On the Hammock Blog, there’s a post that’s a web-version of the current edition of The Idea Email. It’s inspired by all the ways the retailer Williams-Sonoma uses different forms of customer media and content that demonstrates the company’s understanding that “buying more pots and pans” is not what their customers are seeking — becoming better cooks is.
On the Hammock blog, a post I wrote was added this morning that outlines 14 predictions I have for print magazines. It’s rather long, but I felt the need to collect several threads into one post.
Several of the themes will sound familiar to the 12 readers of RexBlog.
“I’ve found that doubts about the future of print magazines typically occur when the people who say, “I love reading the newspaper in print” realize they spend more time keeping up with news via a screen than they ever have with print. Or, more noticeably, when they discover the practicality of reading books on a screen. One day they start thinking about how their personal reading habits have changed, and they begin to wonder what’s going to happen to the daily newspaper or print magazines they never look at anymore.
“The personal experience these people are having with digital and print media is a good indication of what the “beginning” of the future of media is.”
I will re-post it here later, but we’re tweaking (and by “we’re tweaking,” I mean “not me” but the person who is capable of doing it) some CSS code so that the “tooltips” (the pop-up messages that appear when you hover over a link) that are in the Hammock.com version will work here.
“A publication’s app should be designed and built with purpose and consideration. The Magazine works because I based decisions not on what everyone else was doing, but on what would be best for this magazine. Every publication has its own unique needs, audience, economics, and style, so their apps should reflect that.”
While Marco Arment may not have a master plan, the things he does without a plan are far more intriguing than are those attempted by people who wear suits and spend hundreds of millions of dollars on what they think are master plans.
We learned this morning that Ray Bradbury, one of the most prolific and influential writers (I didn’t use the term “science fiction” purposefully) of the past century, passed away yesterday at the age of 91. It is now about 1 p.m. CDT and news about his death appears on the front of most of the major news sites I’ve visited in the past five minutes.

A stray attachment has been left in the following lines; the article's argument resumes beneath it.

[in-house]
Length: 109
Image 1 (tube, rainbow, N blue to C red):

As someone who helps clients sell things on the internet, I was curious to see how quickly online booksellers have responded to the news of Bradbury’s death. While I’d prefer not to label anyone’s death, a “merchandizing opportunity,” I think it is only natural that a bookseller would anticipate a spike in interest in Bradbury today in the same way the music of an artist might spike in interest after their death. It’s not advertising or merchandizing if it’s something that will help a customer learn about something they want to learn about.
So, at approximately 12:45 p.m., CDT, I surfed a few retail booksellers websites and captured a screen grab. Here are the front pages of those sites at the time I visited them:
Amazon.com: A message on the front of the Books page with links to his author page.
Audible.com – An “In Memoriam”
BN.com – Nothing
Powells.com – Nothing
I could continue, but every site I visited at 12:45 p.m. CDT — including all of the independent bookstores that I admire, had nothing. Apple’s iBook store had nothing.
I’m sure every bookseller online and off will have something posted soon. But there’s a reason, more than pricing and service that Amazon (and its subsidiary, Audible.com) dominate the online book retailing market.
In commoditized markets, anticipating what customers want before they know they want it, is one of few ways left of adding value to your relationship with a customer.
Craig Mod has written an insightful essay on the role of “book cover” when applied to ebooks. [Read it here.]
Think about it: The cover serves a critical marketing purpose for physical books. However, online, ebook covers are typically displayed in thumbnail size. Moreover, the type of text-based information you find on a physical book cover is surrounding that ebook cover thumbnail.
So if you don’t need text on the cover, what should the cover become? What role should it play?